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Music of Trinidad and Tobago

The Caribbean state of Trinidad & Tobago is best known as the homeland of calypso music, including 1950s stars Lord Kitchener and Mighty Sparrow. Other forms of music include Carnival songs like lavway[?] and leggos[?], as well as bongo music[?] (which originated at wakes). Yoruban shango and Dahomean rada[?] are also popular among the descendents of indentured servants[?] in Port of Spain.

Calypso was developed on the island of Trinidad, and has since become one of the major musical ancestors of diverse styles, including reggae, soca and rapso[?]. The musical genre began when African slaves were brought to the area to work plantations owned by Europeans, and the slaves were forbidden to talk to each other (in any case, they spoken dozens of different languages, so communication was inherently difficult). Calypso, probably derived from a similar West African musical style called kaiso[?], arose as a means of communication among the slaves; kaiso is still used today as a synonym for calypso in Trinidad and some other islands. Highly rhythmic and harmonic vocals characterized the music, which was most often sung in a French creole[?] and led by a griot[?]. As calypso developed, the role of the griot (originally a similar traveling musician in West Africa) became known as a chantuelle and eventually, calypsonian. Calypso was popularized after the abolition of slavery and the ensuing growth of the Carnival festivals in the 1830s.

In 1914 (see 1914 in music), calypso was recorded for the first time and the following decade saw the arrival of calypso tents[?], where calypsonians practiced and, eventually, new musics for Carnival were exhibited (including lavway[?] and leggos[?]). During Carnival, calypsonians competed for awards like the Road March[?], National Calypso Monarch[?], Queen Calypso[?], Junior Monarch[?] and Extempo Monarch[?]. Soon, stars like Lord Invader and The Roaring Lion[?] grew in stature, leading the way for calypso's mainstreaming with artists like Lord Kitchener, Harry Belafonte and Mighty Sparrow. Mighty Sparrow's first hit was "Jean and Dinah", celebrating the departure of American military forces from Trinidad; the song launched politically active calypso music, which soon became associated with the People's National Movement[?]. Trinidad and Tobago became an independent country in 1962.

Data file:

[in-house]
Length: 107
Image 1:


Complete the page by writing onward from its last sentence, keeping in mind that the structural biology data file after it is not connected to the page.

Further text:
During the 1970s, calypso's popularity waned throughout the word, including the Caribbean. Derivatives include an uptempo version mixed with musical styles from the large Indian minority in Trinidad and Tobago, called soca, and a hip hop and dub-influenced style called rapso[?] both became popular in Trinidad and other islands.

Soca is said to have been invented in 1963 (see 1963 in music) by Lord Shorty[?]'s "Clock and Dagger". Shorty added Indian instruments, including the dholak[?], tabla[?] and dhantal[?] and soon rivaled reggae as the most popular form of Caribbean music. Shorty's 1974 Endless Vibrations[?] brought soca to its peak of international fame.

Rapso has become the most influential of these two main descendents of calypso; it arose as Black Power and Pan-Africanist[?] thought spread in Trinidad. Lancelot Layne[?] is said to have invented the genre with his 1971 hit "Blown Away", while Cheryl Byron[?] brought rapso to calypso tents in 1976. The term rapso first appeared in 1980 on Busting Out[?], an album by Brother Resistance[?] and his Network Riddum Band[?]. Since 1986 saw the rise of David Rudder[?], brass bands have begun to dominate the Carnival competitions.

Steeldrum[?] and pan music[?] have achieved great popularity in Trinidad, though limited success elsewhere, alongside Indian-derived genres like chutney[?] and seasonal Christmas music called parang[?]. Chutney-soca[?] and chut-kai-pang[?] (chutney, parang and calypso, mixed with Venezuelan-derived rhythms) have also achieved some popularity.

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